Postby Framed_Angel » Fri Sep 01, 2017 11:21 am

Wonderful & Strange wrote:
Agent Earle wrote:
Wonderful & Strange wrote:The same conservative fans who disliked the original show are the same group who dislike it today. They want "proper" storytelling or else they lose patience.
Yeah, right. It must be comforting living in alternative reality.
Stop projecting. The critics agree with me, not you. The people who dislike the show are reactionaries longing for the same show they saw in 1990. That's nostalgia. The haters now and then are both longing for more "traditional" narrative. That's conservative.
Weird seeing distilled and reductive labels and line-in-sand kicking in a Lynch forum. And extrapolating, or at what point did one lone critic at WaPo become "The Critics"? : \
I take the 'reactionary' label as a compliment though. For one thing, is Lynch not more likely to appreciate a complexity of reactions than mere, straight-forward accolades?
He appears humble when he accepts awards so accolades not to be discounted of course.
But I suspect the artist behind this production that's the subject of so much conflicted opinion, cares less about being fawned over or which is the "correct" way to receive his work, and has indicated with several earlier works there are many ways to interpret them.
WIth The Return, for me it comes down to not how to interpret but how one experiences it, that is open to possibilities beyond just one.
And I don't want this to be mistaken for "just create for the sake of provoking"! Because I'm not about that either.
The more a viewer starts to narrow the meaning[s] into Only One That Is Correct however -- that just goes against everything I learned as an art student back then, and art enthusiast now.
I find lots to criticize and plenty to enjoy about TP:TR. If Lynch himself isn't going to tell me how to take it in - - does it really do the man any service me telling others with divergent experiences to appropriate more of my appraisal and expertise?
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Re: TP:TR Gets Glowing Review in the Washington Post

Postby mtwentz » Fri Sep 01, 2017 11:23 am

Framed_Angel wrote:
Wonderful & Strange wrote:
Agent Earle wrote:Yeah, right. It must be comforting living in alternative reality.
Stop projecting. The critics agree with me, not you. The people who dislike the show are reactionaries longing for the same show they saw in 1990. That's nostalgia. The haters now and then are both longing for more "traditional" narrative. That's conservative.
Weird seeing distilled and reductive labels and line-in-sand kicking in a Lynch forum. And extrapolating, or at what point did one lone critic at WaPo become "The Critics"? : \
I take the 'reactionary' label as a compliment though. For one thing, is Lynch not more likely to appreciate a complexity of reactions than mere, straight-forward accolades?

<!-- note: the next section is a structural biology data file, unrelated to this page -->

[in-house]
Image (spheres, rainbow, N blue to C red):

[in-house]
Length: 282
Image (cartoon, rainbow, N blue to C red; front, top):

He appears humble when he accepts awards so accolades not to be discounted of course.
But I suspect the artist behind this production that's the subject of so much conflicted opinion, cares less about being fawned over or which is the "correct" way to receive his work, and has indicated with several earlier works there are many ways to interpret them.
WIth The Return, for me it comes down to not how to interpret but how one experiences it, that is open to possibilities beyond just one.
And I don't want this to be mistaken for "just create for the sake of provoking"! Because I'm not about that either.
The more a viewer starts to narrow the meaning[s] into Only One That Is Correct however -- that just goes against everything I learned as an art student back then, and art enthusiast now.
I find lots to criticize and plenty to enjoy about TP:TR. If Lynch himself isn't going to tell me how to take it in - - does it really do the man any service me telling others with divergent experiences to appropriate more of my appraisal and expertise?


This was just one critic but the overall critical consensus has been very positive. 72% on Metacritic I believe.
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Re: TP:TR Gets Glowing Review in the Washington Post

Postby The Gazebo » Fri Sep 01, 2017 11:55 am

mtwentz wrote:This was just one critic but the overall critical consensus has been very positive. 72% on Metacritic I believe.


Listen, it's hard to argue for The Return's failure when critics are hoisting it up the flagpole. I would walk around with a degree of smugness myself if my opinion aligned with the critics. However, I firmly believe that this particular show needs a few years for some form of consensus to build, simply because of its divisive nature. I've already hinted at the critcs' fear of losing their cultural capital if they went swimming against the tide while it still matters. In a few years time, this risk is lessened, and we might get their true opinion. If highly experienced critics are still trumpeting The Return's excellence, I'll readily accept the fact that my appreciation of true art has its limits.